16. Yes, Jon Grunseth was chasing young girls around the pool. Hence Uncle Arnie stepped up and got elected governor.

  17. “Yes, Jon Grunseth was chasing young girls around the pool.”

    If it had been young boys, he’d-a been guaranteed a spot in DFL history….or at least a spot on the Saint Paul School board.

  18. “American conservatives value free speech, because when speech is free, we eventually win.”

    Sure, you know, cause we kept the gold standard, slavery, segregation, kept the vote from women, stonewalled product safety, stopped free universal education and prevented workers from organizing.

    Hey, it’s OK to be a conservative, kinda. But let’s not pretend you’re anything but a rearguard thrying to slow down progress.

  19. Pretty sad when all you have to reach back to the wayback machine to tar folks that were not even alive when your examples happened. Not to mention yet another demonstration that you have no idea what drives conservatives.

  20. Angryclown has to reach into the wayback machine, buzzkill, cause you wingnuts offer nothing but a superstitious clinging to the past. Whatcha got that’s new, wingnut? Oh, so you’re against health care reform? Tell it to Clinton. And LBJ. And Truman…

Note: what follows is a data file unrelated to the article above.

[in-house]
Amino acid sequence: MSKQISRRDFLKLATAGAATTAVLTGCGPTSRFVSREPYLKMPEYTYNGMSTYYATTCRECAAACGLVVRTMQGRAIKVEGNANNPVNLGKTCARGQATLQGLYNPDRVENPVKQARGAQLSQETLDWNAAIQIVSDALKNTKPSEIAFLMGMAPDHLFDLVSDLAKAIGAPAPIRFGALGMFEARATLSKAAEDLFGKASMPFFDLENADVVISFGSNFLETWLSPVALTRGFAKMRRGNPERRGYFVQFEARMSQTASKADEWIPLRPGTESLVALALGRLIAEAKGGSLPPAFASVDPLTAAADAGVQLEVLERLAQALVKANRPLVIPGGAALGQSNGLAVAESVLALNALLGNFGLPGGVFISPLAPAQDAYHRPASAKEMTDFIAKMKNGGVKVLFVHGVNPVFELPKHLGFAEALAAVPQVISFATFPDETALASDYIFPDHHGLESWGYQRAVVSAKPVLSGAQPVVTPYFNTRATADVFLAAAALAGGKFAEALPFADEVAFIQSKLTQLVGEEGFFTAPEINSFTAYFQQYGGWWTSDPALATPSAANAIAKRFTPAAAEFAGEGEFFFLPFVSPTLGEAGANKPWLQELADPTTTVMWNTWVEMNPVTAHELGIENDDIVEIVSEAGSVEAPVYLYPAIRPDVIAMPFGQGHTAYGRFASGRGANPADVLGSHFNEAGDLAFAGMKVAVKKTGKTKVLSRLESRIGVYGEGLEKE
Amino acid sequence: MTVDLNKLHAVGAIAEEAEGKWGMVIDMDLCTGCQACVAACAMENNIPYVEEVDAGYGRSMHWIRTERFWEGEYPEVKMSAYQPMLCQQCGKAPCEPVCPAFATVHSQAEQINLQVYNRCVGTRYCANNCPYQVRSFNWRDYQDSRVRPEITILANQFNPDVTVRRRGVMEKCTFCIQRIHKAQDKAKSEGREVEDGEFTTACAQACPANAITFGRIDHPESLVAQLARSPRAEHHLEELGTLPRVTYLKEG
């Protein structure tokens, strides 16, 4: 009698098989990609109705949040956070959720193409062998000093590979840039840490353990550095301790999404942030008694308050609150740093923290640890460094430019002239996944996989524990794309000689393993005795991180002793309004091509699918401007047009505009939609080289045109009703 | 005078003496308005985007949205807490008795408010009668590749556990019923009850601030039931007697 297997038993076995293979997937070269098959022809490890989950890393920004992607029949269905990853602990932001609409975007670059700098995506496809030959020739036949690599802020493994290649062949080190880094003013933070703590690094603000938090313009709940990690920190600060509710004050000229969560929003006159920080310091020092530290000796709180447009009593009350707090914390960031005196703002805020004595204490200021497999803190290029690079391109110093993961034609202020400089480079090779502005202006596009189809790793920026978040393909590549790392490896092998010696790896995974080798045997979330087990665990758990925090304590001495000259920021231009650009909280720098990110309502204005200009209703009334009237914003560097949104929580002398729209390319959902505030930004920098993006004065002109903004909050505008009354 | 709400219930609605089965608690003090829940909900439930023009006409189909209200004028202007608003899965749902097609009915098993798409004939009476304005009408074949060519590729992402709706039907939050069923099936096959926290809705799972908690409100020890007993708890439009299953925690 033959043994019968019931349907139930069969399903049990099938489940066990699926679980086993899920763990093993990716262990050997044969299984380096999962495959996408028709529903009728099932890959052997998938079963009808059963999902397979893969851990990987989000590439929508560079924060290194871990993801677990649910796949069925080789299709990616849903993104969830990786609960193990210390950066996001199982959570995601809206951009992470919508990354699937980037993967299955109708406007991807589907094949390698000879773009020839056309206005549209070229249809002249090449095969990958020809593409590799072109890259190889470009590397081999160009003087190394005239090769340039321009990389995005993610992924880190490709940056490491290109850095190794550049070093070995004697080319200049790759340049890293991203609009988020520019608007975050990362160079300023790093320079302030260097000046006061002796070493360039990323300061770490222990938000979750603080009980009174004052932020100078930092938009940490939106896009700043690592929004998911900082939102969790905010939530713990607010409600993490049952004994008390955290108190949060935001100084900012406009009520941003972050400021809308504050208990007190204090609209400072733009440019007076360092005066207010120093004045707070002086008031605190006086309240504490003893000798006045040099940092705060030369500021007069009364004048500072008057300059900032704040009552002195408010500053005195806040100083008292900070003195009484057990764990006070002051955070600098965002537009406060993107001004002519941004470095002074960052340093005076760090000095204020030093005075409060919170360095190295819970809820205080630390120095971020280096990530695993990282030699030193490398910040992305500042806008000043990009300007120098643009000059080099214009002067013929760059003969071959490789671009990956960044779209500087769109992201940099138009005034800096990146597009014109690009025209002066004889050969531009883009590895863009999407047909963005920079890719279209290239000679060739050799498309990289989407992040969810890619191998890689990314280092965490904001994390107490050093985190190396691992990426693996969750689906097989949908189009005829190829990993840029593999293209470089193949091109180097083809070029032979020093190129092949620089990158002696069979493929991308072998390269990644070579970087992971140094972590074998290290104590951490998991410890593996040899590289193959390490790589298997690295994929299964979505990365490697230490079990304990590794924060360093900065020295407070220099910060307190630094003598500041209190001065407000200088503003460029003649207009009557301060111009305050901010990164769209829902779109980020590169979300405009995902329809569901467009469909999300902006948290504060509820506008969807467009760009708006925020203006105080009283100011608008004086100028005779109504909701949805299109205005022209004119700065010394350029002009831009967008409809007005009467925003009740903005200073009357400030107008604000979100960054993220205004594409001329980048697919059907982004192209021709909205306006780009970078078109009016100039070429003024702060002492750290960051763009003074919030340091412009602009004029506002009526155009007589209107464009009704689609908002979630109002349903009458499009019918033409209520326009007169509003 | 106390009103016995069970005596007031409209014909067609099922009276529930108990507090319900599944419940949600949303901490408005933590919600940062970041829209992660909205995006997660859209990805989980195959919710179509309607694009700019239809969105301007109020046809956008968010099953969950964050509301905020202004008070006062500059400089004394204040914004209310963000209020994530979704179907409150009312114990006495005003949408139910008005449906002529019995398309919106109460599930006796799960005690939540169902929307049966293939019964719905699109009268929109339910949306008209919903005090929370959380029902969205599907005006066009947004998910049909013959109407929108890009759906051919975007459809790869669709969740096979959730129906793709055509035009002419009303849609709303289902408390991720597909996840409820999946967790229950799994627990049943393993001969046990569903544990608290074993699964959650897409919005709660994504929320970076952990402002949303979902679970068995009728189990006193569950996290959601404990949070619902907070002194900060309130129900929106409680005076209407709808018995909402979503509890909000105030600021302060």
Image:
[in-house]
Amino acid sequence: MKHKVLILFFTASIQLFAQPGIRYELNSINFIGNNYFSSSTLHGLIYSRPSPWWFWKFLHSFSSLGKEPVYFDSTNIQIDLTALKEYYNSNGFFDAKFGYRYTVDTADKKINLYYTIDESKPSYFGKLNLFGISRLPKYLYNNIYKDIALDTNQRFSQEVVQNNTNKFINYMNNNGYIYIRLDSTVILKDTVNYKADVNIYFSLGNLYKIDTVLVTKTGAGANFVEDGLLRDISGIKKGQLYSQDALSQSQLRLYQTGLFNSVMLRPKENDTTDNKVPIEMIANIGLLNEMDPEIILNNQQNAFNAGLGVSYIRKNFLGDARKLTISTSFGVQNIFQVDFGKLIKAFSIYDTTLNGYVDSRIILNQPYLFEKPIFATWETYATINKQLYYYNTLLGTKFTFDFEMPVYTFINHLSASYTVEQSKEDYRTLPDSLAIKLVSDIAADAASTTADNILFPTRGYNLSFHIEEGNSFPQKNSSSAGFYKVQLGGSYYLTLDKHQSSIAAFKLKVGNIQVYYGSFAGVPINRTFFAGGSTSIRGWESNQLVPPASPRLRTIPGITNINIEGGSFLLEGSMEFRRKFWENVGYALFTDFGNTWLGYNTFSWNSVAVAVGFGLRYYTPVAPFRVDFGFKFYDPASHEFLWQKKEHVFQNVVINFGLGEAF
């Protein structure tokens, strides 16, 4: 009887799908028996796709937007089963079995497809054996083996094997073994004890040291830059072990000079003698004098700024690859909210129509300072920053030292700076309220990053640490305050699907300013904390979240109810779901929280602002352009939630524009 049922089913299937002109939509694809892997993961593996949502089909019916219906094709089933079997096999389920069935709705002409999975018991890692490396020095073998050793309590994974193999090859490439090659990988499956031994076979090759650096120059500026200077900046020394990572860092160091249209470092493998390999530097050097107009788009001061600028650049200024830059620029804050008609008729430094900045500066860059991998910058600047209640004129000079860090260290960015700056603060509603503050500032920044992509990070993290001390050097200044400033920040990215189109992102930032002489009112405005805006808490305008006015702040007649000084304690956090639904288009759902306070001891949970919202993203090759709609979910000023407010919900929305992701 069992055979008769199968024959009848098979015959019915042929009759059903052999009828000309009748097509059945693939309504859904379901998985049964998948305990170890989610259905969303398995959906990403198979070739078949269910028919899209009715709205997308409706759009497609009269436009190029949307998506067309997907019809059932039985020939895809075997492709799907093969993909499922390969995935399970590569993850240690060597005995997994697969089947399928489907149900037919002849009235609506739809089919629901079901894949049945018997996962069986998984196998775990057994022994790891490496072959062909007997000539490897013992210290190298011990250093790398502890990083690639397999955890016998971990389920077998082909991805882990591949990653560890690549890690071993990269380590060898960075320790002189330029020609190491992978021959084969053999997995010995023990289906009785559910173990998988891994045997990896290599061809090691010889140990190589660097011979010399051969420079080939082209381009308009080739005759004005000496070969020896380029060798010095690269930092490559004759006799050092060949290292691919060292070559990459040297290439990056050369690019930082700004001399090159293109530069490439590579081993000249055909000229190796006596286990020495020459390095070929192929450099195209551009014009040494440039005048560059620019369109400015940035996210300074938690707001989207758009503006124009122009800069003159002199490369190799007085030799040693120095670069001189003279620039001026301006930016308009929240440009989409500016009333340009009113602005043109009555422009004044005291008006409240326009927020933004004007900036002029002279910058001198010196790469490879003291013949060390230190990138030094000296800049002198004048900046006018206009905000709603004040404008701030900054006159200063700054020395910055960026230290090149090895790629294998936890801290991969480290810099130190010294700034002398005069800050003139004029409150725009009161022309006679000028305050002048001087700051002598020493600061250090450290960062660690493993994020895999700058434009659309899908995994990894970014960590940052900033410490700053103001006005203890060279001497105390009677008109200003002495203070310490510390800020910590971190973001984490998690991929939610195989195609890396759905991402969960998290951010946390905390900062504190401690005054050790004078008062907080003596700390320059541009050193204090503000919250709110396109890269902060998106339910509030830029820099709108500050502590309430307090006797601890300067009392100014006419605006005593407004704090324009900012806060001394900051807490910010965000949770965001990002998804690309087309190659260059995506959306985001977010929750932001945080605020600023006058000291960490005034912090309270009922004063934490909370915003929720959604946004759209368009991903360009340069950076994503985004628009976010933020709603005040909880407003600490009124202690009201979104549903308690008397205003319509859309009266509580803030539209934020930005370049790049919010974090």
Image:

21. How do you cling to the past ‘superstitiously’, Angry Clown? Maybe you meant “hateful superstitious clinging to the past”?
    You are starting to write like Penigma.

  22. No, Terry, he’s starting to write like Obama talks. Next thing you know he’ll be telling you you’re clinging to guns and religion, too. Oh wait…

  23. “You know what’d be cool? If we had a media that’d ask these questions…of the media.”

    We do. You did. Powerline has. Blogs are the next iteration of media. Dead Tree media is swirling around the bowl but it’s going down, only a matter of time.


  24. The Dayton non-story makes you wonder what the press decided was “un-newsworthy” in Obama’s bio.

  25. Yeah, Night writer was correct. It was Jon Grunseth. Sorry Mr. Ludeman.

    An earlier comment mentioned that the “story” was released by the Arne Carlson people. Perhaps so, but it got maximum coverage perfectly timed to do maximum damage to a politician that wasn’t a regular fixture in the political class. Arne Carlson is a fixture in the political class and a necessary tool in order to provide “balance” in local political commentary much like Kevin Phillips and David Gergen used to.

Leave a Reply

This site uses Akismet to reduce spam. Learn how your comment data is processed.